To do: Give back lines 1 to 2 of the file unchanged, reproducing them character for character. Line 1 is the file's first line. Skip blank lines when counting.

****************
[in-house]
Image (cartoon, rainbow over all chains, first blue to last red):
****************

[in-house]
Image (cartoon, rainbow over all chains, first blue to last red):